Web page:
American Gods continues its second season with another very good episode. While last week’s episode moved the plot along at a pretty speedy pace, this week’s episode slowed things down a bit more with a more introspective episode, filled to the brim with conversations about religion and faith, as well as renewal. Like I said, it was a pretty good episode. (There will be spoilers ahead!)
Episode 2×04: The Greatest Story Ever Told (Written by Peter Calloway and Aditi Brennan Kapil, directed by Stacie Passon) While Shadow (Ricky Whittle) and Mr. Wednesday (Ian McShane) take a secret meeting in St. Louis, Bilquis (Yetide Badaki) arrives at the funeral home in Cairo, where she engages in a debate with Mr. Nancy (Orlando Jones) and Mr. Ibis (Demore Barnes). Laura (Emily Browning) rejoins Mad Sweeney (Pablo Schreiber), and Tech Boy (Bruce Langley) pays a visit to his first worshipper (Andrew Koji).
I’d say this episode pretty much confirms those rumors about Gaiman being unhappy that season one of American Gods departed a bit from the events of the book as nearly half of this episode is stuff that didn’t happen in the book. This isn’t a bad thing at all; in fact, I like that the show is continuing to branch out from the source material. There is so much stuff in American Gods that wasn’t explored in the novel but can be explored in the TV show, so I am very happy with the show taking the occasional detour from the book. That being said, is this detour worth the time spent on it? Yeah, I’d say so. (Spoilers for episode 2×02!)
Episode 2×02: The Beguiling Man (written by Tyler Dinucci & Andres Fischer-Centeno, directed by Frederick E.O. Toye)
Promising vengeance for the death of a beloved old god, Mr. Wednesday (Ian McShane) begins preparation for a great battle. Meanwhile Laura (Emily Browning) and Mad Sweeney (Pablo Schreiber) chase Shadow’s (Ricky Whittle) diminishing light after his disappears. The Jinn (Mousa Kraish) and Salim (Omid Abtahi) set out to retrieve the Gungnir spear, and Shadow encounters an associate, Mr. Town (Dean Winters), of Mr. World (Crispin Glover).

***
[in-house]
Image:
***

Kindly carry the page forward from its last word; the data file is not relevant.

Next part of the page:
It’s been nearly two years since the first season of American Gods aired its final episode and a lot has happened behind the scenes. In November of 2017, original executive producers (and showrunners) Bryan Fuller and Michael Green left the show after reported disputes related to the budgeting of the season. From there, Jesse Alexander was hired as showrunner and, with the help of Neil Gaiman, retooled the second season of the show a lot, tossing out the six scripts that Fuller and Green had written. For a while, everything seemed to be going fine until reports emerged in September of 2018 that Alexander had been fired from the show and the finale had gone through seven different drafts and everything was in disarray. Gaiman and various members of the cast and crew have disputed these reports, but, nonetheless, to say that the show has been mired by behind-the-scenes drama would be an understatement. Many were worried the second season of the show would never see the light of day, and if it did, that there would be a noticeable drop in quality from the first season. Well, it’s March 10, 2019, and the first episode of the second season of American Gods has premiered on Starz and I’m happy to report that there is no noticeable drop in quality and the show’s just as good as ever. (NOTE: Spoilers for episode 2×01 follow!)
Episode 201: The House on the Rock (written by Jesse Alexander & Neil Gaiman, directed by Christopher J. Byrne)
Following the epic showdown at Easter’s party, Mr. Wednesday (Ian McShane) continues his quest to pitch the case for war to the Old Gods with Shadow (Ricky Whittle), Laura (Emily Browning) and Mad Sweeney (Pablo Schreiber) in tow. Meanwhile, Mr. World (Crispin Glover) plans revenge and Technical Boy (Bruce Langley) goes on the hunt for Media. First stop — the House on the Rock, where Shadow is taken “backstage.”